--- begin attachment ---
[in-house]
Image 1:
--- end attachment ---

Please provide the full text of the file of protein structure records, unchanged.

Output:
[in-house]
Image 1: